I strolled around the town for a while. There is a gentle tourist street, rich in souvenirs, but lacking aggressive sellers. Instead, they were friendly, and not pushy. The crowd is from all over, ranging from local Chinese, Japanese, and Westerners (with a tendency towards French and Germans). Eventually, I stopped into Susana's restaurant, where I had a hot pot with veggies, tofu, chicken, pork, beef, and rat. I pulled out my Chinese (Fei chang ma la) to convince them I wanted it very hot. They certainly did a better job than the night before - it was spicy and tasty. (Just not hot enough, of course.) The waitress Ping Ping sat with me to talk and practice her English, amazed that a non-Chinese likes it hot. She said that it was a first for the restaurant.
22 Oct - Confusing the Locals
I have finally escaped the Western breakfast buffet! That is not to say that it was great, or all that different, but it certainly did not conform to what I have learned is the four-star formula:
After breakfast, Young and Zhong arrived to pick me up, but I first had to go retrieve the custom T-shirt I had bought the night before - Chinese characters which say "Here comes the foreign devil."
- A selection of breads
- Rice gruel
- Steam table of scrambled eggs, sausage or bacon, broiled tomatoes, bok choy in white sauce, French toast or pancakes
- Salad of little pear tomatoes and sliced cucumbers, and maybe some questionable lettuce
- One fruit salad
- Sliced watermelon and cantaloupe, and maybe lychees
- Cereal: corn flakes, rice crispies, and bran
- Orange juice (and maybe another type, like apple, tomato, or cucumber)
- A guy frying eggs as you want it
- Bad coffee service
We drove to a tourist trap, Shangri-la, Taiwanese investors developed the park around a small 200-year-old village next to a small artificial lake. We (about 10 Chinese tourists and I) got into a small flat-bottomed boat. Our boat guide was dressed in a "traditional" costume with a "traditional" microphone. Just like the San Diego Zoo's crocodile ride, it loops around, revealing exciting discoveries at every turn. OK, well, there are a few "traditional" buildings where girls in "traditional" costume of one of the four minorities stop their knitting, reading, or whatever, and dance for thirty seconds to a beating drum as the boat approaches. We float through a cave, and come out into the ancient world, where the native boys and girls in ancient "traditional" rayon animal skins and "traditional" pantyhose dance to a "traditional" drum beat. (I thought that I recognized a few of them from the "traditional" disco in Yangshuo the night before.) The set was decorated as connected grass huts, with the skulls of foreign devils hanging on each post. Since they actually are a minority people, they do have darker skin color (or so I'm told), and are considered to be very beautiful. The most beautiful girl serenaded us as we drove past. I raised some questions which were bothering me: How did they decide that she was the most beautiful? Was it a vote? If so, who voted? What happens if a new, younger beauty comes along? If the most beautiful girl is the one with the darkest skin (which I'm told might be the case), then what happens if one gets a suntan? Needless to say, I could not get these questions answered. As we floated further, we saw women doing "traditional" clothes washing in the lake, dressed in "traditional" Hello Kitty sweaters and using "traditional" plastic buckets. Next to a stone bridge, we saw a man washing a "traditional" plucked chicken in the lake. After all this excitement, we landed at a "traditional" 2-story building where we were greeted by some of the earlier "traditionally-dressed" girls, who will stomp on your feet if they like you. (You are allowed to return this expression of fancy.) Apparently, no one liked me. The construction of the buildings was actually pretty cool, without nails, and designed to attract swallows to nest in the eaves (of which I saw none). The whole experience would have been a waste, if it were not for the amazing hills surrounding Shangri-La and my self-amused cynicism.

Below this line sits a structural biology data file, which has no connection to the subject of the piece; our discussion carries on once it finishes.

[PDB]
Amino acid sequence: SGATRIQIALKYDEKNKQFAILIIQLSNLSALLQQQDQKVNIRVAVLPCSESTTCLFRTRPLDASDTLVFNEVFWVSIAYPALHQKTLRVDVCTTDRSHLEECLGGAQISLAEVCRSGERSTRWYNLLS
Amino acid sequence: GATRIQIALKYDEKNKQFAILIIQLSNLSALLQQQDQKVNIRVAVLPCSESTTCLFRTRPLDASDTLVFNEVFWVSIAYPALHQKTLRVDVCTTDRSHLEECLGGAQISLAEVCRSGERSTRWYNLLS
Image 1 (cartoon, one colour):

As we drove back towards Guilin, I requested that we drive onto a side road into the middle of the hills. After an attempt to dissuade me, and warnings about narrowness of the road, we turned around (where I got to watch a live dog being placed into a sack) and headed off to the West, through rice and sugar cane. I made what I hope are some great 360-degree photos sets, and Young stated that he had always wanted to drive into the hills, but had never had the chance. Hey, what's a private car for anyway? The best part was that there were no picturesque farmers milling around on this random road waiting to be paid for photo ops.
In Guilin, we drove to the Guilin Palace Hotel for lunch. Reminiscent of the China Focus tour, I was presented with a large array of Westernized Chinese dishes, just without the turntable. Young went off to another table, saying that he only gets a simple "work" lunch. I told him that I rather have that, too, or even just some noodles on the street, but I was stuck with my place. It was not bad, and the water chestnut egg roll was actually really good.
Next we were off to one of the town's centerpieces, the elephant rock. Legend has it that an elephant invaded the area where the two rivers join, and battled with one of the gods over the farmlands. The god tricked the elephant to drink from the Li Jiang, and then stabbed it (the pagoda on the top looks like a sword hilt). The elephant died with his trunk drinking from the river, and was eventually petrified. The cave formed by his trunk and body is called the water moon cave, which, with its reflection, forms a full moon at night. Ancient engravings in the stone contain poems and descriptions dating back to the Song dynasty. The area has been made into a tourist park, complete with girls in "traditional" costumes to pose for photographs (for 5 Yuan).
Guilin's most famous peak is Solitary Peak, which was the site of a local emperor's palace built during the Ming dynasty. Like many old palaces, it was burned down and rebuilt several times, the last one during the revolt which ended the Qing dynasty in the early 1900s. It was rebuilt as an education center, and is now a campus of the Guilin Normal University. Two departments reside there: art and history. The art department creates the definitive paintings of the limestone peaks, so I went to take a look, but nothing affordable grabbed my fancy. Young and I climbed the 306 steps up Solitary Peak to get a wonderful view of the whole Guilin plain. The shop at the top also tried to sell me postcards.
It was now time to head off to the airport. It's only four years old, and is ready for the rapidly growing tourism for which the region is so heavily investing. The best part is that I got there early enough to get a final foot massage. What a civilized place!